Generally, an appeal may only be taken from a final judgment.   See Simmons v. Williams, 976 S.W.2d 361, 362 (Tex.App.-Houston [14 th Dist.] 1998, no pet.).   To be a final, appealable summary judgment, the order granting the motion must dispose of all parties and issues before the court.   See Mafrige v. Ross, 866 S.W.2d 590, 591 (Tex.1993).   A review of Altman's first amended motion for summary judgment reflects that he sought summary judgment only against Darr and the Department.   The court's April 14, 1997 judgment, however, contains a Mother Hubbard clause.   The inclusion of a Mother Hubbard clause in an order granting summary judgment makes an otherwise partial summary judgment final for purposes of appeal.   See Bandera Elec. Co-op., Inc. v. Gilchrist, 946 S.W.2d 336, 337 (Tex.1997);  Mafrige, 866 S.W.2d at 591.3  This is true, even when the judgment erroneously grants more relief than was requested in the motion.   See Lehmann v. Har-Con Corp., 988 S.W.2d 415, 417 (Tex.App.-Houston [14 th Dist.] 1999, pet. granted) (citing Inglish v. Union State Bank, 945 S.W.2d 810, 811 (Tex.1997)).

Therefore, the Mother Hubbard clause, in this case, converted what was an interlocutory, partial summary judgment, granting more relief than was requested, into a final, appealable judgment.   Darr would have been required to appeal this judgment.   The trial court, however, dismissed the “above entitled and numbered cause of action” for want of prosecution seven days later, while it still retained plenary power.

A. Effect of April 21 Dismissal Order

Under the Texas Rules of Civil Procedure, the trial court has plenary power to grant a new trial, or vacate, modify, correct, or reform a judgment within thirty days after signing a final judgment.   See Tex. R. Civ. P. 329b(d);  Lane Bank Equip. Co. v. Smith S. Equip., Inc., 10 S.W.3d 308, 310 (Tex.2000);  Fruehauf Corp. v. Carrillo, 848 S.W.2d 83, 84 (Tex.1993) (per curiam).   The entry of the dismissal order vacated the April 14 judgment.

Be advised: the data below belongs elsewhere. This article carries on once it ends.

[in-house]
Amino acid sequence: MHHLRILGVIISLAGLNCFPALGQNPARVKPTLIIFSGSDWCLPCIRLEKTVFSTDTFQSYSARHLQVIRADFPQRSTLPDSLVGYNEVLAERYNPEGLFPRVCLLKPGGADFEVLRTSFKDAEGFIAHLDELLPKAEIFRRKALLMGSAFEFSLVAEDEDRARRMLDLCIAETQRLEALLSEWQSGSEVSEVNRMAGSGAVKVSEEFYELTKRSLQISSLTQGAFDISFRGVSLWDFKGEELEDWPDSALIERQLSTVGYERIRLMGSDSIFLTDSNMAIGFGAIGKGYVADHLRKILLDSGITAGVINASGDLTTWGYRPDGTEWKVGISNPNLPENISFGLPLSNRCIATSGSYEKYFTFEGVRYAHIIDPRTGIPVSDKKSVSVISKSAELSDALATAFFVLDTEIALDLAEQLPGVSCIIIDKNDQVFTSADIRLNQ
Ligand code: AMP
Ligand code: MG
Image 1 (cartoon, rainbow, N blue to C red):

We must determine, however, whether the dismissal order disposed of all the claims in the case, including Darr's counterclaim against Altman, particularly in light of the trial court's reinstatement of the case without a verified motion to reinstate having been filed within thirty days after the dismissal.   See McConnell v. May, 800 S.W.2d 194, 194 (Tex.1990, orig.proceeding) (finding that in the absence of a verified motion to reinstate, the trial court's plenary power expires thirty days after the date on which it signed a final order of dismissal) (citing Tex. R. Civ. P. 165a(3)).   If the dismissal order disposed of only Altman's claims against Darr, Hahne, and the Department, and not Darr's counterclaim, then the judgment is interlocutory and not appealable and the trial could reinstate the case.   See Macarangal v. Andrews, 838 S.W.2d 632, 634 (Tex.App.-Dallas 1992, orig. proceeding [leave denied] ).   If, on the other hand, the dismissal order disposed of all claims, including Darr's counterclaim, the judgment is final and appealable and the trial court was without authority to reinstate the case, rendering all orders entered after that time void, including the November 5, 1998 judgment.   See id.

 To be final, a judgment must dispose of all issues and parties.   See North East Indep. Sch. Dist. v. Aldridge, 400 S.W.2d 893, 895 (Tex.1966).   There is a presumption that the trial court “intended to, and did, dispose of all parties legally before it and of all issues made by the pleadings between such parties.”  Id. at 897-98.   The Texas Supreme Court has carved out an exception to this general rule.   When the case has been dismissed for want of prosecution, there is no presumption that the dismissal order also disposed of issues in an independent cross-action or counterclaim.   See Id. (citing Davis v. McCray Refrigerator Sales Corp., 136 Tex. 296, 150 S.W.2d 377 (1941));  Dardari v. Texas Commerce Bank Nat'l Ass'n, 961 S.W.2d 466, 469 (Tex.App.-Houston [1 st Dist.] 1997, no pet.);  Macarangal, 838 S.W.2d at 634;  Massey v. Davis, 650 S.W.2d 551, 554 (Tex.App.-Eastland 1983, writ ref'd n.r.e.).   Here, the dismissal order made no specific mention or reference to Darr's counterclaim;  therefore, his counterclaim was not dismissed and the judgment is interlocutory from which no appeal will lie.   See Davis, 150 S.W.2d at 378 (holding that where the trial court dismisses the plaintiff's suit, but does not refer to or mention the defendant's cross-action, the judgment does not dispose of the cross-action either expressly or by implication and there is no final judgment).